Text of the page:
So it's a really interesting question, and I'm going to first disagree with you, and then I'll agree with you. On the counter argument, like I think if you listen to someone like Mariana Mazzucato, she is big on the role of government and that government needs to take a stronger role. And when you actually analyze some of the biggest successes out of Silicon Valley, they were built on the back of 90% of the work being done by government in the early research and development before the commercialization so. So I think, like, innovation looks different in government. And there are areas where only government can innovate. And one of those is regulations, because you cannot outsource the innovation of of new regulations, because otherwise, that's called regulatory capture. So I think that there are certain areas where government can and must and does lead. But it's not the kind of product innovation that your typical startup does. Like governments tend to be terrible at products. Product development is really tough to do insider, risk averse, conservative government enterprise, you want to be inside a lean, agile, venture capital back startup to do that kind of work. But yeah, so I think like if people want to find out like see good news stories about government innovating, they should go to the OECD observatory of Public Sector Innovation. And look at things like Uganda's transparent infrastructure transparency initiative, that are better involve citizens in decision making about infrastructure projects, or Australia's pilot in rules of code to around vaccinations that allows for machine readable regulations, or Singapore, creating the SingPass for this smart nation digital transformation. And here in Canada, the social innovation social finance strategy is documented on that website. It's a great example of cross ministry, innovation for a $755 million Innovation Fund. So like, check those out. And you can be inspired by the good stuff that governments do in really amazing innovation. On the flip side, yeah, any of us who've tried to innovate inside government, it's frustrating, it's, it's, it's a long game. It requires a lot of persistence. And it requires a lot of belief in the public vision, the public mission and the public good. And, you know, from my own perspective, what makes it difficult is, firstly, culture. The number one thing that everyone complains about is risk aversion. And it's just a cumulative effect of just like, there's less risk to kicking the can down the road of not taking the decision of not taking a risk than there is to just doing that. Process orientation versus outcome orientation, public servants always default to the process. And really what drives innovation is an outcome focus, there's a low bias to action, which I've already talked about, and the bigger and the bigger and the higher level of government becomes, becomes more and more internally focused versus citizen centered. So like, those are the barriers and then when incentives, I think there are two big incentives. One is don't rock the boat, at all costs, avoid surprise and embarrassment, failure, making waves and making enemies, particularly if it's going to end up in the newspaper, and it's going to embarrass the minister. Like that's the worst thing you can possibly do. In the private sector, you risk investment dollars, but in the public sector, you're not only risk dollars, you risk reputation, when you make a mistake. Then there is the incentive to keep the routine going just perpetuate the last year. That's probably the thing that government is the very best at doing is doing exactly the same thing as they did the year before. Then you look at the management systems. So you've got the futile authorities, you've got excessive oversight and accountability. You've got antiquated and cumbersome performance management system and no meaningful rewards. And then you're like, Well, why aren't our people like innovating? It's like, of course they're not. And then you look at the structure, like the one of the things that every single workshop I hold in government it's like, well What's the problem here? The one thing that everyone always draws in their visual is silos, like we're too siloed. But we designed those silos, it's called the Westminster system like that's, that's by design very much, very intentional to give every minister their own set of priorities and portfolios, and for the deputy ministers to act like CEOs of their own portfolios, and so. And yet, in the 21st century, all of the crises we're facing, fall in the cracks between the ministries. So, so and then, like, I've already talked about meetings, that's another, another piece of it. So like that, to me is like, it is cultural, its structural, its incentives, its management systems. And it's, it's how we hold meetings and just big waste of time. And then just to speak to your second point, if you'll allow me to, to do that. Like the, the, if you've got a startup with an innovation, and they want to scale it, the first bit of advice you'll give them is do a capital raise to extend your runway. Scaling is a multi year journey. So you need multi year funding, and you need to be able to attract the best talent and build a scalable product. But in government, you know, there's, there's rules, that's, you know, you just can't go out and raise venture capital. And so you're going to be right limited by your annual, annual budget. And that's been set to run operations, it's not been set to scale the adoption of a big idea. And you already have all of these limits on talent attraction levers compared to the private sector. So you can't get all of the niche skills you need to scale a product. And then, yeah, like, there's, there's the leadership turnover thing that Nick already spoke to, when I was at CoLab. In four years, I had four premiers, two deputy ministers, five ADMs. So after a while, you feel like you're in foster care. And there's no guarantee your sponsor is going to understand what you did, let alone value it. And of course, the private sector has turnover. But in the in the public sector, you know, with four year political cycles, you can get a 180 degree shift in ideology. And then all of a sudden, anything that was ever initiated under the previous administration is automatically labeled a bad idea. So, so that creates some problems. And then I'll just flip back to the positive, which is the really big positive about scaling in government is that government's already operating at scale. Like you have the amount of grants and funding and regulations to shift entire systems, and literally do that overnight. So when we were developing regulations for the sharing economy at MaRS, and our recommendations were adopted by the City of Toronto, all of a sudden, 3 million people were given choice and protection, whenever they caught an Uber or stayed in an Airbnb. And it's the same if you can simplify a tax return, or automate a license renewal, you can have a positive impact on millions of lives. But you really need to have a solid, really solid evidence base, and build really trusted relationships with the regulators and operators within the existing system to even get the opportunity to make that change. And I think that's where innovation teams have sometimes struggled, is that they're not well enough connected into the people in government who actually hold the levers. And, and that's, that's the key to getting adoption inside the government.Ryan:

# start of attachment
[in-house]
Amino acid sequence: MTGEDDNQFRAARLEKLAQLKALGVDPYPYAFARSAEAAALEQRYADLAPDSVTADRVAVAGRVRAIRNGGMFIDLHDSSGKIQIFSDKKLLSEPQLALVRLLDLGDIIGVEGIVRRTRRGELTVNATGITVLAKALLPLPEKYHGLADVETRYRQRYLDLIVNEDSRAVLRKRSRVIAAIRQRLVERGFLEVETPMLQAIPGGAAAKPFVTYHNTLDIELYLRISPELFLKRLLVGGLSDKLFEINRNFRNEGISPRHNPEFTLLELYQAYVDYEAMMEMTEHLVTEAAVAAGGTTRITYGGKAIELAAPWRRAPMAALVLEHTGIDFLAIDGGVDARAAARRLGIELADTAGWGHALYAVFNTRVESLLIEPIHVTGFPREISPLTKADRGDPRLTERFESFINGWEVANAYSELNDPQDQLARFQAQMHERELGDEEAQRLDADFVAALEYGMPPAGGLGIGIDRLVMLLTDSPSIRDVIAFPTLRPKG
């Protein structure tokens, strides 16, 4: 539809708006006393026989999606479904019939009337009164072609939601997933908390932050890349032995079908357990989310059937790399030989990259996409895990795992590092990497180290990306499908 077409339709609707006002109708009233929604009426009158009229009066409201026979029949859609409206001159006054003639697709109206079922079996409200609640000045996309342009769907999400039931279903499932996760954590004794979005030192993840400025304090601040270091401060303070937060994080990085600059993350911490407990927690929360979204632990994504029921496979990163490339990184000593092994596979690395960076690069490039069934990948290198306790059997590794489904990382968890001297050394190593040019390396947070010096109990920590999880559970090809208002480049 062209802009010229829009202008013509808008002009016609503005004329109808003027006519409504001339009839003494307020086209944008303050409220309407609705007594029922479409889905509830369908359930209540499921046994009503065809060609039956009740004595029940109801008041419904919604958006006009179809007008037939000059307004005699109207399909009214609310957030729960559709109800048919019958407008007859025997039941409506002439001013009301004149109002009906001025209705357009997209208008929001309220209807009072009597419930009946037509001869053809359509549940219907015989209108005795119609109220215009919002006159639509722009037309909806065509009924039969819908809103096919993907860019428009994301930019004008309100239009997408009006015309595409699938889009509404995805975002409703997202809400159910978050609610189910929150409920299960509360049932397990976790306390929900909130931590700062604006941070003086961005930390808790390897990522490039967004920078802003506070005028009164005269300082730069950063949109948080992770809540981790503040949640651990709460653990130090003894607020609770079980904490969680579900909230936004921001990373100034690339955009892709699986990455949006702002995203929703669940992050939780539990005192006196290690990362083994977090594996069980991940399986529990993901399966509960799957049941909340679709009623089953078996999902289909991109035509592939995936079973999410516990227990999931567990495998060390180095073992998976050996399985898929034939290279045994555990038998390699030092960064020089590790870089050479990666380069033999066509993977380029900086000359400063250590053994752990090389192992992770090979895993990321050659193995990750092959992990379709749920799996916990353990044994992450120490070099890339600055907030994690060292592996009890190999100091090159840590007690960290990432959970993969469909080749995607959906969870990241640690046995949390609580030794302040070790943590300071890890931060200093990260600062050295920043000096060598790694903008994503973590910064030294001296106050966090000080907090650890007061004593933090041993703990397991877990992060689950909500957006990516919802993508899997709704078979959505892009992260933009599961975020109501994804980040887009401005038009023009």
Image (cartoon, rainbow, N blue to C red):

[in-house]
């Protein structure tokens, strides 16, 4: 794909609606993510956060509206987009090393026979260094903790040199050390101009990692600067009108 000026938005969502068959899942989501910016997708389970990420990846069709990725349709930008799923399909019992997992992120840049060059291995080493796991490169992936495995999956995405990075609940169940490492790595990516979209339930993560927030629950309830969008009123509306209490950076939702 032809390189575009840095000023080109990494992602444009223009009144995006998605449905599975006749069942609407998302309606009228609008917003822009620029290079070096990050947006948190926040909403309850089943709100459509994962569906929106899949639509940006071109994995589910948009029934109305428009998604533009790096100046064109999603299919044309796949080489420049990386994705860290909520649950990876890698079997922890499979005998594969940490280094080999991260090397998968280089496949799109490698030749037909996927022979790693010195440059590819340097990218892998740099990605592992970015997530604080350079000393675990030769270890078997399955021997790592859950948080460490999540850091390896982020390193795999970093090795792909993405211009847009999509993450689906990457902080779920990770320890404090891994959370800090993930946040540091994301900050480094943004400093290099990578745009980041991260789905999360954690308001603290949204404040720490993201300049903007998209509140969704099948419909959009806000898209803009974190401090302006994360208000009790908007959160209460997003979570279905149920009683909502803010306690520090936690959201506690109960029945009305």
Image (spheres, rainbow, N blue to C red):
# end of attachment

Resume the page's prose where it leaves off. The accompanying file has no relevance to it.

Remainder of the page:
Yeah, I mean, Alex, I think those are some really profound points. I mean, we on this show, we talk a lot about the impact of structures, incentives and culture on either enabling or holding back, you know, kind of digital progress within government. And that's very true for innovation. And I just want to say your comment about government already operating at scale, I think is actually a really important one. I've never heard it quite phrased that way before, but it's true. A very smart friend of mine once said, you know, when you're in government, it's like you're trying to move a mountain an inch, but if you do it, you've moved an entire mountain an inch, right. And that scale of impact you can have, when you are able to kind of navigate that very difficult landscape is huge on that. This has been a really interesting conversation. I think we've we've uncovered a lot of great stuff. Nick, I want to throw it back to you to kind of close this, this section out. You and Alex have some interesting stuff coming up. For anybody who might be listening who's out on the East Coast in June. Why don't you tell us a little bit about the session that you're running together and about Govmaker?Nick S: